Having spent the best part of ten months designing a range of Blues inspired guitars, whose roots can be traced back to Sears & Roebuck catalogues of old, I started to think of how I would like to present them. Rather than simply launching them as individual instruments, I wanted to launch them collectively, but I hadn’t come up with anything appropriate. Then fate intervened. In November last year I met Gary Grainger from The Blues Show on BishopFM. Gary lives not too far away from me and he discovered quite by chance that I was someone local designing Blues inspired guitars. He got in touch asking if he could be of any help regarding promotion. As a very good guitar player he is immensely knowledgeable on guitar design as well as Blues music. He told me how as a young man he and his musician friends would frequent the Rea family coffee bar in Middlesbrough. The conversation moved onto Chris Rea and how much we both liked his recent Blues albums, especially the “Blues Guitars” box set, where he produced a series of stunning CDs that documented the history and the varied different musical styles associated with the Blues. For those of you who are not familiar with “Blues Guitars”, Rea wrote and recorded various CDs that documented the history of the Blues in all colours and styles, for example, Chicago Blues, Electric Memphis Blues, Louisiana & New Orleans Blues, Texas Blues and so on, though each album is a piece of work in it’s own right. It was while discussing “Blue Guitars” that the penny dropped. “Gary, if Chris Rea can write musical stories that historically document the development of the Blues from the early beginnings to the 1960s and ‘70s, could I not do the same with my guitar designs?” I enquired. Gary looked at me, nodded and finished his coffee.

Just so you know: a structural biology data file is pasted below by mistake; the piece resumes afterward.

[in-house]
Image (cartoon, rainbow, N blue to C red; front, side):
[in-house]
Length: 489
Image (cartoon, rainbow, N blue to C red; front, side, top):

Inspired by my meeting with Gary and our discussions on Chris Rea’s work, I started to plan how I could present my work as a Blues guitar anthology - or “Back Catalogue” as I later called it. This meant I had to design more guitars, in particularly from the 1930s, to coincide with the invention of the magnetic pickup. Rather than simply designing a guitar that was aesthetically in keeping with this period I asked myself, what kind of guitar would Charlie Patton, Robert Johnson and Leadbelly, had they lived, have me build for them, (had I been around at the time) knowing too that the technology was available to amplify and project their music above the din of the Juke Joints? What I came up with was "The Bo Weavil", "The Hellhound" and "The Gallows Pole", three guitars that capture the essence of 1930s pioneering guitar design.

Moving on from the 1930s, I have designed a guitar called “The Wang Dang Doodle” which was inspired by Howlin’ Wolf and his association with Chess Records. The 1960s is the period where I have been most creative. I have designed a series of guitars that document the birth of the British Blues scene and the subsequent rediscovery in the US of Blues luminaries such as John Lee Hooker, T-Bone Walker and Muddy Waters. I have also acknowledged how Japanese guitar design influenced the Blues by designing a guitar called "The Hound Dog".

At Blues Matters we have had the privilege of seeing all of the guitar designs that Simon unveiled at Musikmesse 2012. They are very impressive indeed. He is clearly a man who is passionate about guitar design and who, rather than designing guitars that have been copied ad infinitum, has come up with a series of guitars that are not only historically relevant to the Blues but are new and innovative.